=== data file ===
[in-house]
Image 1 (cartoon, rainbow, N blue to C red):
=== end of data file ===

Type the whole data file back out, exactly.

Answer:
[in-house]
Image 1 (cartoon, rainbow, N blue to C red):